Earlier today, it was announced by Sangamo Therapeutics, Inc. and Pfizer, Inc. that their clinical stage cDNA gene therapy candidate for hemophilia A, SB-525, was granted orphan medicinal product designation (OMPD) by the European Medicines Agency (EMA).
Hemophilia A, a monogenic, rare bleeding disorder in which the blood does not clot normally, is caused by mutations in the F8 gene. The gene encodes Factor VIII clotting protein that helps the blood clot and stop bleeding when blood vessels are injured. Per the Centers for Disease Control and Prevention, hemophilia affects an estimated 1 in every 5,000 male births, with an estimated 20,000 males in the U.S. living with the disorder.
Typically, those with this particular mutation in the F8 gene experience bleeding episodes after injury, and impulsive bleeding episodes that can lead to additional joint disease and disorders, like arthritis.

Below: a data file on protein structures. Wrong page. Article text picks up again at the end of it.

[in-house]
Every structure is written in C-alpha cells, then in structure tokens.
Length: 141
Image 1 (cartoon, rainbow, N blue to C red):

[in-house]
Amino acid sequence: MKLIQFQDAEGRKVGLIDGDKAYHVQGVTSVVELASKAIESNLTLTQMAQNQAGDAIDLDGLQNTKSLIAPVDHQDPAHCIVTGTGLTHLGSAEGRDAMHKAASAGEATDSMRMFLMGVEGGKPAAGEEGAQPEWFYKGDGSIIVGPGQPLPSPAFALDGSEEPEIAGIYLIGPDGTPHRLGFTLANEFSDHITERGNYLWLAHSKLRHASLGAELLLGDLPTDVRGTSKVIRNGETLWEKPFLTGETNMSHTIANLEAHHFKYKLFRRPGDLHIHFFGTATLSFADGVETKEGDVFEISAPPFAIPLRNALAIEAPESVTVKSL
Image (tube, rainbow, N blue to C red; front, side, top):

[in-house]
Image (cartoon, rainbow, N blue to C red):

SB-525, which was granted Fast Track Designation
and Orphan Drug Designation by the U.S. Food and Drug Administration in May, is a single infusion therapy that delivers a human Factor VIII cDNA construct and proprietary, synthetic liver-specific promoter to the nucleus of liver cells by way of a recombinant adeno-associated virus (rAAV).
An Investigational New Drug application for this program was also cleared by the FDA, and a Phase 1/2 clinical trial assessing SB-525 in adult hemophilia A patients is now open and screening subjects for enrollment.
Initial data from this study are anticipated in the last quarter of 2017 or first quarter of 2018. Under the collaboration and license agreement between the Sangamo and Pfizer, the latter company will be responsible for any following clinical trials and the commercialization of SB-525.